Effects of Li ion-solvent interaction on ionic transport and electrochemical properties in highly concentrated cyclic carbonate electrolytes

Keisuke Shigenobu, Taku Sudoh, Mayu Tabuchi, Seiji Tsuzuki, Wataru Shinoda, Kaoru Dokko, Masayoshi Watanabe, Kazuhide Ueno

Research output: Contribution to journalArticlepeer-review

5 Citations (Scopus)


In recent research, the importance of electrolytes with high Li+ transference number (tLi) and ionic conductivity (σion) has been emphasized to realize rapid charge for Li secondary batteries. Simultaneously fulfilling high tLi and σion is still unsolved in liquid electrolytes; however, highly concentrated electrolytes (HCEs) of weakly coordinating solvents and Li salts will be promising for addressing this challenge. This idea is inspired by a recent study by Angell et al. on superprotonic ionic liquids comprising a weak Brønsted base and a superacid; highly labile and exchangeable H+ can be formed between significantly weak proton accepting sites. Here, we studied weakly coordinating fluoroethylene carbonate (FEC)-based electrolytes with lithium bis(fluorosulfonyl)amide (Li[FSA]) and compared with ethylene carbonate (EC)-based electrolytes. Experimental and computational studies indicated that solvent and ion exchange is more pronounced in the FEC-based HCE, resulting in higher tLiPP (0.73) and ionic conductivity (1.02 mS cm−1) compared to those of the EC-based HCE (tLiPP= 0.53 and σion= 0.84 mS cm−1). However, the FEC-based HCE exhibited lower electrochemical stability due to the intrinsically lower reductive stability of FEC and the oxidative decomposition of the liberated solvent in the HCE. Despite the superior transport properties, the Li/LiCoO2 cell with the FEC-based electrolyte showed lower discharge capacities and lower Coulombic efficiencies at higher current densities due to side reactions of the electrolyte. This study demonstrates that weak Li-solvent interactions can simultaneously enhance tLi and σion of HCEs, but they have the potential to sacrifice the electrochemical stability.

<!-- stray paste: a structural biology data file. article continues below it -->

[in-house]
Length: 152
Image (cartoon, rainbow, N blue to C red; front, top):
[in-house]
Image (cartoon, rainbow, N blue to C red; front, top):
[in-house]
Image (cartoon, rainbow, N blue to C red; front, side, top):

Original languageEnglish
Article number100071
JournalJournal of Non-Crystalline Solids: X
Publication statusPublished - Sept 1 2021


  • Fluoroethylene carbonate
  • Highly concentrated electrolyte
  • Ionic conductivity
  • Lithium transference number
  • Weakly coordinating property.

ASJC Scopus subject areas

  • Electronic, Optical and Magnetic Materials
  • Ceramics and Composites
  • Condensed Matter Physics
  • Materials Chemistry


Dive into the research topics of 'Effects of Li ion-solvent interaction on ionic transport and electrochemical properties in highly concentrated cyclic carbonate electrolytes'. Together they form a unique fingerprint.

Cite this